And another thing: I need a new motorcycle. It hadn’t occurred to me that the Mega-Rider armor weighing over 500 pounds means my bike can’t possibly support it. If I was operating out of Tokyo I might be able to lay my hands on dad’s old Fenrir II, but for the moment I’m out of luck. The armor’s weight has been reduced with its recently modified form, but not nearly enough to ride an ordinary dirt bike. And besides, especially for superheroing, that kind of horsepower could actually come in handy. And don’t get me started about the new Fenrir VIII.

I’m not sure if I should, but I want to call home, to see if mom is okay. There could be some kind of trap set for me already, but what choice do I have, really? Maybe there’s a way to use the resources at our HQ to make a call untraceable…

[OOC: I can’t help but be reminded of the closing number from Once More, With Feeling: “The battle’s done and we kind of won / So we sound our victory cheer. / Where do we go from here?”]

[In-Character] Truth & Justice, Episode 4

[More of Hikaru’s in-character observations. The player of Raz has decided to so something similar.]

This morning Raz surprised me by acting somewhat civil and even saving me the trouble of asking him to show me how to fight. Through blind luck I managed to get one over on him and he just lost it and came after me full force, shapeshifting, super-strength, and all. I’m trying to figure out how to explain to him that different people learn differently. I need to be able to take a thing apart and understand what it’s made of, while he seems to prefer to throw someone into the water and hope they figure out how to swim. Combat has an emotional dimension, to be sure, but it can also be understood through “numbers.” The body has various strengths and weaknesses, points of attack and defense, limitations of perception, and so forth. An opponent is likewise a mixture of positives and negatives. Victory is a matter of taking away strengths and/or exploiting weaknesses. Thinking about it that way I can wrap my head around it, but when a rampaging visual rock lunatic is charching towards me I can’t.

Maybe that has something to do with why I decided to accompany him on “patrol,” which is his word for going to a bad part of town and getting into an unproductive brawl. Yes, crime is bad, drugs are bad, etc., but there has to be a better way of improving things. Moreover, we underestimated Pinnacle. We were in an alleyway and while Raz was busy ploughing through a gang of 15 or so, Pinnacle somehow managed to abduct me before any of us even knew what was happening. It was only through careful analysis of the surveillance footage after the fact that Glenn figured out that Pinnacle had used some kind of optical camouflage to sneak in and chloroform me and slip away. I had been expecting a cold-blooded killer and a skilled soldier, but it hadn’t occurred to me that a man who could afford cloned soldiers and powered armor could also get his hands on an optical camouflage cloak. I was very, very lucky that for the moment Pinnacle only wanted to use me to deliver a message. He wants us to turn ourselves over by 6 p.m. tomorrow, or he’ll let his soldiers loose in the middle of San Francisco. He’s playing on our desire to protect the innocent, something he obviously lacks.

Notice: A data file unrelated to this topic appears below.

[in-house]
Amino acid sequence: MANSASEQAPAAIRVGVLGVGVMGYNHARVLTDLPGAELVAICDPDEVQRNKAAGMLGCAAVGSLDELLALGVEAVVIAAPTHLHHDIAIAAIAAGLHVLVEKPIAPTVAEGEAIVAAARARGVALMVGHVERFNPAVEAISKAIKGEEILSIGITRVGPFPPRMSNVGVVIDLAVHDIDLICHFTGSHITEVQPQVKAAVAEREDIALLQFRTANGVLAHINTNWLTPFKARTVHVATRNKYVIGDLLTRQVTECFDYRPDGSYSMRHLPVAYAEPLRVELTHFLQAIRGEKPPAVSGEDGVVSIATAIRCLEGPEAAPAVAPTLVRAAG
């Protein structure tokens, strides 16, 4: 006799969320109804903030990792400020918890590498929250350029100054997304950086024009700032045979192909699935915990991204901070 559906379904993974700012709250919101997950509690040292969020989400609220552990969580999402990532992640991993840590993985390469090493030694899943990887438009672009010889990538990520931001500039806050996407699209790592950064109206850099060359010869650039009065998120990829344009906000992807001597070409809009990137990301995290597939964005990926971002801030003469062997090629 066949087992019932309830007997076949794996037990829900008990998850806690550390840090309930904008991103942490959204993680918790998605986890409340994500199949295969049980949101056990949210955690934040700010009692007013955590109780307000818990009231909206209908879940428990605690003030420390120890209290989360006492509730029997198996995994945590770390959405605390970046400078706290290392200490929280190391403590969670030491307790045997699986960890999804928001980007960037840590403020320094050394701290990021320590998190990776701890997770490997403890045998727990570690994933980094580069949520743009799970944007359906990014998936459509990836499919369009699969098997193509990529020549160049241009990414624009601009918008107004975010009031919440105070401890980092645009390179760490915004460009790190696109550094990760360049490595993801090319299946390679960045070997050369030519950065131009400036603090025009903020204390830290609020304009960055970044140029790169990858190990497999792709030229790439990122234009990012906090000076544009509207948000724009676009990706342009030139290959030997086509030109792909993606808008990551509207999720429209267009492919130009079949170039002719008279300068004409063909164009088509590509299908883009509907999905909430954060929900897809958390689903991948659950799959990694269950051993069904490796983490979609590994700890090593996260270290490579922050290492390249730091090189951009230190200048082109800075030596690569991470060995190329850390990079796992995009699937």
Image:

We went over the powers available to our group members. Dynamo’s kinetic energy enhancement, Jack’s shadow power, Raz’s shapeshifting and super-strength, Sam’s hydrokinesis, and finally my rider powers. When I demonstrated the transformation an odd thing happened though: the armor was different. It was smaller and, frankly, more feminine. It looks like it’s adapting to my physiology much faster than I had dared to hope. (I should think about what to call myself when it stabilizes.) Supergroups have always had a diversity of powers, but I feel like we’re blatantly mismatched. The Watchmen were varied, but we seem to all come from completely different worlds. I am very much a Japanese transforming hero, Dynamo is a rank-and-file American superhero, Raz seems to be part demon, Jack comes off as a homeless guy with weird powers, and Sam… is a pro-wrestler.

I had a dream last night, and when I woke up at 5 in the morning I couldn’t get back to sleep. (Not that I’ve been sleeping well the past few days anyway). In the dream I was a little girl with magical powers, and I was fighting alongside my father. I can’t remember any more. I don’t dream often, and I don’t often remember the details, but the remaining fragments of this dream are still right behind my eyes. I didn’t even see him that much, but I miss my father. I miss the way he would make us feel like everything would be all right.

That’s right. The Japanese government is looking for me. And mom isn’t well. The Mega-Brace has to figure into the situation somehow, but… Can I risk calling home? Mom and Ryo should be alright financially with dad’s pension, but what if the need me? Maybe it was dumb of me to come to America, but I can’t even think about going back until we deal with Pinnacle. Maybe circumstances will force the issue again and I won’t have to choose.